WORKING WOMEN OF INDIA





Saundarya Verma, Hidayatullah National Law University


INTRODUCTION


Even today, in the liberal and democratic age of equal rights and equal opportunity, the women of India continue to fight to achieve equal opportunity, not only in terms of a societal standing but also in the field of work and employment. The working sector of our country is still struggling to give the women opportunities that are equal to men. On international measures of gender equality, India scores low on women’s overall health and survival and ability to access economic opportunities.1 The economic engagement of women is related to her and her family's well being. A continuous decline in the participation of women in economic activities, especially in the labour force, is a cause for great concern as it reflects deterioration in the well being of women.


The World Bank quoted "no country can develop and achieve its full potential if half of its population is locked in non-remunerative, less productive and non-economic activities.” This immensely powerful statement denotes that it is impossible for a country to prosper without its female population. It was observed in a report by McKinsey Global Institute that if women and men participated in the Indian economy at equal levels, annual GDP of India could increase by 60 per cent its projected GDP by 2025.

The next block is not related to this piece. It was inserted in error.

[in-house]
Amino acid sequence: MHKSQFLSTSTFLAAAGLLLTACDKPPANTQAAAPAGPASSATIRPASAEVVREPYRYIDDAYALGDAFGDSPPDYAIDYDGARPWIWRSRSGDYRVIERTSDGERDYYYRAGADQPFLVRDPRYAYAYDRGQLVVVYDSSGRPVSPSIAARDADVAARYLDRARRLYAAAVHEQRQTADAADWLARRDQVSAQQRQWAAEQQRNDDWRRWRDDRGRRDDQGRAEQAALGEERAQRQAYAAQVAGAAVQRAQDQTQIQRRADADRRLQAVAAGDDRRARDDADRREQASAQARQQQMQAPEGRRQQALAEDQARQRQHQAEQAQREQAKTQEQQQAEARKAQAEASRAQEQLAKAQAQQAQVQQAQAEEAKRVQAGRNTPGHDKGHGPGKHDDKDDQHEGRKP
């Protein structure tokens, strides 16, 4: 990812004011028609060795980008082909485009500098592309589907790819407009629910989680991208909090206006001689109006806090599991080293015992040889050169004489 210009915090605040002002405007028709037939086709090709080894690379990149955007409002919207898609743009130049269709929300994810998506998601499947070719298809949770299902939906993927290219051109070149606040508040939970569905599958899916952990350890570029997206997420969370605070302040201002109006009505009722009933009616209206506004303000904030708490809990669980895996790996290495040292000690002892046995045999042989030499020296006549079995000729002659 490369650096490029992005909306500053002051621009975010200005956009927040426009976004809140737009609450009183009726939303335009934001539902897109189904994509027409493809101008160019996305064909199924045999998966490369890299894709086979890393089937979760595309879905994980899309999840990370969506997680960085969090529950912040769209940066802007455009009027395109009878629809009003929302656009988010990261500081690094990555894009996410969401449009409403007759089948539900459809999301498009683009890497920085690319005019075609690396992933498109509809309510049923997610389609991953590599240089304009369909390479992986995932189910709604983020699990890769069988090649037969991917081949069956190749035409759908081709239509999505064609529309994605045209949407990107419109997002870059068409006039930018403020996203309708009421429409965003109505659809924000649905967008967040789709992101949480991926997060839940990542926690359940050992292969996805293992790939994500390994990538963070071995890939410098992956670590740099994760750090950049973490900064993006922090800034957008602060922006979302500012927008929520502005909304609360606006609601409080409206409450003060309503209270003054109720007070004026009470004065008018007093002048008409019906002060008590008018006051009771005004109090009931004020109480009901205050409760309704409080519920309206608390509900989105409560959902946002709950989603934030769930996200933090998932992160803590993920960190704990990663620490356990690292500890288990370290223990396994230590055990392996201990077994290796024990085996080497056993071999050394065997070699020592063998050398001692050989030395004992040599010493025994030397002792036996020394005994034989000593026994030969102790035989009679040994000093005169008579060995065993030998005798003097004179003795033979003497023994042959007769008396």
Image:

Considering the fact that the education of young women is now almost at par with men's, it would be ignorant to overlook that half of that educated population is not participating in any economic activity. Thus, it shows that India is somewhere lacking in providing women with the opportunity they need to be able to partake in the economy. These conclusions show that mere education is not enough upliftment. The women of this country need more.


Women in India make up only 24 per cent of the paid labour force as compared to the global average which stands at 40 per cent. The reasons behind this could be plenty but the solution lies in policy decisions made by the state. For instance, the recent amendment in the Maternity Benefit Act, 1961, has made workplaces more female friendly by adding provisions that further aid mothers. Steps like this one will encourage more women to participate on par with men in the labour force the number will eventually increase. Moreover, providing women with these benefits is not only essential for the economy but is also their right.


Indian Journal of Law and Legal Research

Abbreviation: IJLLR

ISSN: 2582-8878

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